Just like rats, rottweilers and spiders, teenagers have long been the victims of the most undeservingly bad reputation.
When you actually live with them, you will find that if you look after them well, they become the source of your life’s most precious moments.
Their fresh, quick-witted humour is on tap.
Their impassioned rants about the unfairness of school make the biggest political zealots sound like amateurs.
Their outbursts of boundless joy about the smallest things are one of a kind.
In short, to use a trendy phrase, teenagers are brilliant for your mental health.
Below, to illustrate the issue for those of you who do not have one at home, a handful of this week’s gems from my bunch.
Friday afternoon, after an intense week of GCSE preparation, or rather, in the words of my Year 11 daughter, the preparation for the non-GCSEs, which are replacing the real GCSEs and are every bit as important as the real GCSEs but without the school having the decency to give us study leave for them because, of course they are not the real thing.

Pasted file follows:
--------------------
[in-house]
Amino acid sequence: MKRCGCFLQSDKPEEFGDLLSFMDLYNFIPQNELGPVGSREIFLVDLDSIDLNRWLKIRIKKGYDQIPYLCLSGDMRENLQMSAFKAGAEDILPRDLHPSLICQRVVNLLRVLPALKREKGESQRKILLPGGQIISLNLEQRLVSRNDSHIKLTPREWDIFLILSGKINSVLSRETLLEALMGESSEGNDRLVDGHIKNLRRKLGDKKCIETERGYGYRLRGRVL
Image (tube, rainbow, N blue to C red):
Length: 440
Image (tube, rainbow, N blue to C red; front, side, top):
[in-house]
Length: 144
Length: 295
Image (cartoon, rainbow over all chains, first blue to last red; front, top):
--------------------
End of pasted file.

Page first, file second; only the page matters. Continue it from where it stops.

– I need to go outside, I need to feel the fresh air.
– Good, idea, go now.
– You can’t make me!
– There is this boy at my school, he is proper British.
– What do you mean?
– I mean he eats ham and cheese sandwiches every day.
– Ma, I’ve got abs, look, abs!
– Well done, must be all that walking you did yesterday.
– I am going to eat some cream eggs now. Bye, abs!
– Ma, I thought I might have ADHD, so I’ve downloaded a list of symptoms, but I couldn’t concentrate long enough to finish reading it.
– Ma, I was offered to be on Holby City next Friday. But I said no, I got school.
– What? School could manage without you for a day.
– What?? And you tell me this now?
– This could have been your big break. Who asked you? How?
– I signed up to a company called Slick Casting. It is for extras. Anyway, I said no.
– Next time somebody invites you to be on Holby City, Casualty, EastEnders or Line of Duty, you say yes, unless it’s your wedding day.
– Hmm, I think this should take priority over wedding. Weddings are lame and common. So common. Think about it, what’s more interesting to say to someone, ‘This one time I got married’, or ‘This one time I was in EastEnders’?